I’ve been thinking about what it means to give others grace and having compassion for others. It sounds like some “woo woo” hippie shit for real, and honestly, it’s something we say or think of in passing. Like, with the wave of a hand you’ll say “yeah, I hear you, be compassionate, sure.” And we don’t give it much thought during or after the word comes out of our mouths. And I believe a lot of us think it's something simple or easy that can be picked up at any time or something you can just remember that can be exercised at any moment. But if you start paying attention to your practice of compassion, you might realize that it’s a hard habit to form and practice. Compassion is like a muscle we must work out regularly and consciously in order to strengthen it and fully truly use it. It is a daily regular practice that we must intentionally implement during every interaction, and that’s hard! It’s difficult because it means we have to take people’s circumstances as well as their present selves into account when responding to them, rather than automatically reacting – DURING ALL INTERACTIONS!
Do you know how difficult it is to stop yourself from flipping off a person who cut you off in traffic? Or how almost impossible it seems to stop yourself from yelling at someone to “MOVE! ASSHOLE!” when you’re in bumper to bumper traffic? It’s hard! It’s hard to not automatically think that Katie, who works in the cubicle next door, is a bitch for not saying hello to you in the morning when you greet her. Oh, and it’s even harder to give grace and have compassion for people you know intimately. You’d think it would be easier because they’re loved ones, but it’s actually harder because you expect more from them. Like, it’s damn near impossible to not yell at your sibling, Dave, for the stupid shit he does regularly. Or not to blow up at your wife, Francis, for annoying you when she said one simple thing and you just had a bad day. I know the names are getting ridiculous, but just bear with me for a minute, I promise I have a point to make.
Recently, I’ve been thinking about what it means to give a person grace or to have compassion for them, because I believe it’s directly related to the expectations we have for a person or the projections we place on others without their say in it. We expect a lot. We also project a lot. At least, I do it a lot and I’m actively trying to change it. I’m trying my best to consciously and intentionally have love for people where they are and for who they are in the present moment. And to not add any of my expectations of who, how, or where they should be into the mix at all, as well as not projecting any of my own wants, needs, experiences, or ideals onto them either. And it’s hard ya’ll! It’s hard to give others grace or have compassion for others when I don’t understand or like something to do with them, their circumstances, their actions, etc. It’s difficult to take myself and my expectations out of the equation of how I view and accept others.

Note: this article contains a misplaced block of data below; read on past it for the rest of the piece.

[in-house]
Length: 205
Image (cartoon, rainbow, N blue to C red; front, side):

Logically I know that everyone has a reason for becoming who they are in the present moment, but subconsciously my mind only sees things from my own perspective even when I “put myself in others shoes.” Because I am essentially putting current me, with all my current life experience, in their circumstances without having the added knowledge of the other person’s life experience instead of mine. And of course, we only know so much about others – literally we only know what is told to us by them or someone else about them. So, with this minimal amount of context and knowledge, we fill in the blanks with our own perspectives. It’s just the easiest thing to do. But we have to fight it sometimes. Only when it’s detrimental to our understanding of the person, or our ability to accept them as they currently are. And I should say, it’s also harder for me because I have a hero complex where I feel like I must fix things for everyone, or save people from the consequences of their own choices. It’s a problem.
So I am actively trying to give others grace and have more compassion for them as a way to also keep from placing my own expectations and projections onto them. And this is not to say you're not allowed to just not like a person, you still get to not want certain people around you or to not like a person for the sake of not liking them. This is about those people that you just can't seem to understand but want to. The people you want to change to fit your idea of who/how they should be. The people you expect more of but can't seem to see what you see about them. If you're like me, I think those are the people we need to practice compassion with the most, because they are not us and we are not them. They are completely within their right as human beings to make their own choices devoid of how you feel and live their lives according to how they see fit. For some of us, that's a hard pill to swallow but it all comes down to having some grace and compassion for all living beings, and the understanding that your only job is to love them for who they are and where they are in the present moment. That's it, that's all.